Players can become ‘machines’ under tougher penalties for misconduct: Becker | Tennis News

Former world number one Boris Becker hopes players won’t turn into emotionless ‘computers and machines’ following the ATP’s warning that fouls on the pitch will be punished harsher following a series of outbursts of anger.
Alexander Zverev was kicked out of a tournament in Acapulco in February after smashing his racket against the umpire’s chair during a swearing tirade, while Nick Kyrgios was fined for his outbursts in Indian Wells and in Miami last month.
Becker, who has had numerous outbursts during his career, said the sport needs players to show emotion on the pitch.
“I’m quite happy that we were allowed to play and ultimately go crazy on the exclusion of social media and microphones, so to speak,” said the 54-year-old, who has won six Grand Prix singles titles. Slam, at Eurosport Germany. .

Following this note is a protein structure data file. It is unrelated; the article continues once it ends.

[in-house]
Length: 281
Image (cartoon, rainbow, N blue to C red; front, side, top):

“It’s more difficult for the players today. Everything is extremely transparent, too transparent for my taste. And then the question is, how does the tennis body manage this?
“Tennis is also a sport for entertainment. I also don’t want to see computers and machines on the court. Emotions are good, a little blood, sweat and tears, it stimulates, it was already the case with us. But everything has a limit.”
The ATP said it was also revising its guidelines for cracking down on repeat offenders after it was criticized for being “soft” on incidents of misconduct.
While some players called out their professional colleagues on their behavior, Becker said everyone should “look in the mirror”.
“We’re not all perfect, everyone freaks out sometimes and you don’t do that,” he added. “I also call tennis players‘ teammates, so you really shouldn’t comment publicly on other people’s misconduct. I think that’s wrong.”
World number seven Casper Ruud and seven-time major champion Mats Wilander said reckless behavior on the pitch had to stop.
“…it kind of draws attention to the sport in a negative way,” Norway’s Ruud told Eurosport as part of the ‘Ruud Talk’ series. “They get big fines, but for some of these players (it) doesn’t seem to matter.


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